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About Daily capital journal. (Salem, Or.) 1903-1919 | View Entire Issue (Nov. 11, 1918)
(i i.OOO READERS) DAILY
Only Cirrulation iu Salem Guar
anteed by the Audit Bureau of
FULL LEASED WIRE
SPECIAL WILLAMETTE VAL.
LEV NEWS 8EBVIOB
FORTY-FIRST YEAR- NO.
-G reat Vict ory of th e A ll ie a
Armies' Means to World
Struggling People Must Be
Helped to Achieve Liberty.
B7 Carl D. Groat v
(United Press staff correspondent) .
Washington, Nov. 11. President
Wilson this afternoon told congress
mid the world the tonus Germany ac
cepted -when she signed the armistice.
These terms pictured Germany 'sur
rendering abjectly to General Foch, on
the field, her armies beaten, her gov
('nnicnt overturned, and her master in
'light. - '
A small congress and a Email crow
lieard the president's burning words,
tint enthusiasm run riot.
The president's address follows:
"Gentlemen of the congress:
"In these anxious time. of rapid
id rtupcmlous clinugcg it will in some
decree lighten my sense of . responsi
bility to perform in poison the duty of
communicating to yeu some of the
lurgo circumstances of the -situation
with which it is necessary to deal. The
Gorman authorities who have at the
invitation of the supreme war couu-
been in communication with Mar
iial Foch have accepted and signed i
the terms of armistice, wh:ch he was
uthonzed and instructed to communi-i
ate to them. These terms are as fol
lows: " Military clauses on tho western
i cessation or operations Dy ianu
mid in the air six hours after the sig
nature of the armistice.
"2 Immediate evacuation of invad
ed countries, Belgium, France, Alsace
iorraine, Luxemburg, so ordered as to
le completed within fourteen days from
the signature of the Armistice. German
troops who have not left the above
mentioned territories within the per
iod fixed will become prisoners of wur.
Occupation Iby the allies and United
fcitates force "jointly will keep -pace
with evacuation- in th?se arras. All
movements of evacuation and occupa
tion will be regulated in accordance
with a note annexed to the stated ternig
"3 Repatriation beginning at once
and to be completed within fourteen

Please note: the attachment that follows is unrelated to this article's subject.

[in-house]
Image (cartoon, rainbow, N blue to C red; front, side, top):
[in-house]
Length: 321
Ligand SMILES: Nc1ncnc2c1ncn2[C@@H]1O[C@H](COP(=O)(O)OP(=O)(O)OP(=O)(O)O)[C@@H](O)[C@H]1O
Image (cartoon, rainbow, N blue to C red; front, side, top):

days of all inhabitants of the countries-above
-mentioned, including host
ages and persons under trial or con
victed., "4 Surrender in good condition by
the German armies of the following
equipment: five -Thousand guns (two
thousand five hundred heav', two thou,-,
and five hundred field), thirty thous
and machine guns. Three thousand min-
ewerfer. Two thousand airplanes
(f'ghters. bouibersr firUly D s-jventy
threes and night bombing machines.)
The above to be delivered in situ
to the allies and the United JAtates
troops in accordance with th? detailed
oinditions laid down in the annexed
x ' "
A J ' ' "''"' ;V'; .;':, ' WeailierReporl
ov. ii it was omciauv announced tnat ine Armistice wit
London, Nov. 11. "Tho em-
piro and its allies have won the
greatest victory in history,''
declared Premier Lloyd-George
today in an address from tho
stops of his residence.
" You are well entitled to re-
joice. It is you, and your -sons
and daughters who have done V
it. Let us thank God." s!
"5 Evacuation by the German arm
ies of the countries on the, left bank
of the Rhine. These countries on tho
left .bank of the Rhine shall he admin
istered by the loeal authorities under
the control of the allied and United
States armies of ' occupation. The cc-
cupatioq .of these territories will bo de-
tennined be allied and United States
garrisons holding the principal cross
ings of the Rhine, Maycnee, Coblenz,
Cologn vtog. ther with bridgeheads at
these points in thirty kilometer radius
the right bank and bv garrisons
similarly holding the strategic points
of thi region. A neutral zone shall be
reserved on the right bonk of the
Rhino between the stream and a line
drawn parallel to it forty kilometers
to the east from the frontier of Hol
land to the parallel of Gcrnsheim and
thirty kilometers from the cast of the!',r,'9 w,', ",ut of the bilin
stream from this parallel upon Hwiss